It is mandatory for franchisors to disclose all litigation associated with their company over the last five years. Even well-run organizations often have a few lawsuits on their track record—but proceed with caution if there is ongoing lawsuits or if a significant number of franchisees are currently or have in the past sued the franchisor for fraud or misrepresentation. A good general rule of thumb is to generate a ratio of the number of court cases to the number of franchises—and steer clear if the ratio is over 2%. To illustrate, assume a potential franchise has 500 stores, and eight to ten lawsuits. That’s a ratio of 5% and it’s likely not a brand you want to become associated with. 

Financial Woes in the Franchise

Just like litigation, you will want to take note of any reported bankruptcy listed on the FDD. They will be disclosed in Item #4 of the FDD and indicate whether either the franchisor or any of its main affiliates have filed for bankruptcy. If there are any evident cases of unresolved bankruptcy proceedings, it’s worth doing a bit of digging to determine if the issue is critical to the long-term viability of the business itself or simply a matter of personal financial mismanagement on the part of one of the associated parties.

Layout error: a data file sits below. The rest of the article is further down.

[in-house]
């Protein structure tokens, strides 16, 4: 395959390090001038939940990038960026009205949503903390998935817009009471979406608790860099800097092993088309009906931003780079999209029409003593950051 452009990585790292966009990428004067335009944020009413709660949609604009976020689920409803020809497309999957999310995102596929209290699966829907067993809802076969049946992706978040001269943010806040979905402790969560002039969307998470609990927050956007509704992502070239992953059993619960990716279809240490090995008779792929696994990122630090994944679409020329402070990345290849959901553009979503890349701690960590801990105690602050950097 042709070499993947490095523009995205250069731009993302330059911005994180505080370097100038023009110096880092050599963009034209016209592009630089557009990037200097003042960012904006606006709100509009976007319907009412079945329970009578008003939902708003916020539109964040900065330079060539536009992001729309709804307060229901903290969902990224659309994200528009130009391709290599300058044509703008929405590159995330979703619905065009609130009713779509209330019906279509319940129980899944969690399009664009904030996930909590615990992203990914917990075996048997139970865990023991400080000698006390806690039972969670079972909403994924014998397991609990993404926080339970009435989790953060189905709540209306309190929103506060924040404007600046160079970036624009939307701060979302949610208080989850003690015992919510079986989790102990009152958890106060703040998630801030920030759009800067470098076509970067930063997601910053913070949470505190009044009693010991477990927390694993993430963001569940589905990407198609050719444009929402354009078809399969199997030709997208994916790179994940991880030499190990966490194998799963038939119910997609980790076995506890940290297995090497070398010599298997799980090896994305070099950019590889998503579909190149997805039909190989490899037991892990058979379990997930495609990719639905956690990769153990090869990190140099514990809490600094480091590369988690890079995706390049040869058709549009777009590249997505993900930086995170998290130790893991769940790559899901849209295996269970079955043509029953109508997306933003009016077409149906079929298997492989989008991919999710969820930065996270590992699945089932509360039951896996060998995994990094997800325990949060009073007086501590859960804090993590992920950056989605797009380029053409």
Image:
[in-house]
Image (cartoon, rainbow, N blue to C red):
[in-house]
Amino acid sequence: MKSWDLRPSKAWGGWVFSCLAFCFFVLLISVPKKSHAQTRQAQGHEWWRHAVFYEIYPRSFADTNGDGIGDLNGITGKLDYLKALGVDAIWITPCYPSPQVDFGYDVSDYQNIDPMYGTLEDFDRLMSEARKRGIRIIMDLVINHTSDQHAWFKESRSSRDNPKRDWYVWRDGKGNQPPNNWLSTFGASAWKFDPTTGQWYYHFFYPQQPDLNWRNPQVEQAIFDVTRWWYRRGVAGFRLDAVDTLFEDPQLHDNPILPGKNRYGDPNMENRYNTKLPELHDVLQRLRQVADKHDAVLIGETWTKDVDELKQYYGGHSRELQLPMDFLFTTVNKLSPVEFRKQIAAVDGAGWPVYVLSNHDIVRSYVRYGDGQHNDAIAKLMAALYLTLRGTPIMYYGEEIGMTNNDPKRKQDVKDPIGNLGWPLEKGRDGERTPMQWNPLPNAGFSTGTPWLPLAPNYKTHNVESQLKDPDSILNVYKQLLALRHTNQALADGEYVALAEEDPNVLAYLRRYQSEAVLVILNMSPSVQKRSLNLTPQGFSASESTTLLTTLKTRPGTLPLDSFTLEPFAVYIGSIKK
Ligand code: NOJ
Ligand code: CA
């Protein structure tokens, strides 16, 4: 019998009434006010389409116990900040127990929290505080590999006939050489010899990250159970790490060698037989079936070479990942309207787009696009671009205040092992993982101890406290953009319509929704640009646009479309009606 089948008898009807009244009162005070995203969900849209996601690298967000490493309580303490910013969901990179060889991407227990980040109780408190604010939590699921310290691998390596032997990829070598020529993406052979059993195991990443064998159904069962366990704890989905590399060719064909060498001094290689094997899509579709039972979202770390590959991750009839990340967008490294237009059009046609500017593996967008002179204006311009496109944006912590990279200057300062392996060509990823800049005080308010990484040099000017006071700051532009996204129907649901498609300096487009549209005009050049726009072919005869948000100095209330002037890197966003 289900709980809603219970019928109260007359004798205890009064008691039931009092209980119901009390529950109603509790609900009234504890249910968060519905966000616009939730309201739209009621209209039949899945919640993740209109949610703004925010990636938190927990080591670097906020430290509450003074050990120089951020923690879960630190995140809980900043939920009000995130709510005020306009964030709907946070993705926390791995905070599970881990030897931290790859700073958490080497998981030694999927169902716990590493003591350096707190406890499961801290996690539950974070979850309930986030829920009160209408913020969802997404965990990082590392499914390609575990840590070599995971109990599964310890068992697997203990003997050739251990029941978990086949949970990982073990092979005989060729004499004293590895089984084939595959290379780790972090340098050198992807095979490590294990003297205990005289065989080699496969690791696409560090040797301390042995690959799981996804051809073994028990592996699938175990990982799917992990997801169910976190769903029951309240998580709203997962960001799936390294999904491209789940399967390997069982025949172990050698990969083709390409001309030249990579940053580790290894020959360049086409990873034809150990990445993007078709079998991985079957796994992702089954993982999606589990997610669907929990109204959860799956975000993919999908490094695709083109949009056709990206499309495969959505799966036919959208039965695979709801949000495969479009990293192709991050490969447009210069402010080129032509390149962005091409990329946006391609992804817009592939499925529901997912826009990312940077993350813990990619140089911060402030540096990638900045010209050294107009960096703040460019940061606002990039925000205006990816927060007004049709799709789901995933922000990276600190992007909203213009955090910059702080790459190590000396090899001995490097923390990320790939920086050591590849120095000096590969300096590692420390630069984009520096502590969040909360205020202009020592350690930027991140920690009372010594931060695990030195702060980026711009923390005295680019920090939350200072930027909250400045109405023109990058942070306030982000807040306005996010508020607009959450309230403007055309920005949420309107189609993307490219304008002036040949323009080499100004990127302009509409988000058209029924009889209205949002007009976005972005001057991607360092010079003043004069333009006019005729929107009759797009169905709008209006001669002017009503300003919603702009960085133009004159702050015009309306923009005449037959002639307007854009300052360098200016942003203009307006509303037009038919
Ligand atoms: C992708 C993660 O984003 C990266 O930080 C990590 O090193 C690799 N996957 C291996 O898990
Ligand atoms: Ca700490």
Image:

Growth Trends for the Franchise

Is the franchise expanding or shrinking? Are there company outlets in addition to franchised operations? Do franchisees that open stores actually remain solvent, or do they go out of business after a few months? To uncover key insights regarding the overall health of the collective franchise, pay special attention to item #20 of the FDD which lays out the number of storefronts or units for the preceding three years as well as how many were terminated or failed to renew their initial contracts. Seasoned franchise professionals place a lot of emphasis on turnover—which is the ratio of franchise terminations to openings. The main takeaway is to not get involved in a system where there is a track record of franchisees not being able to generate the requisite profit margin to continue operations. 

Startup Expenses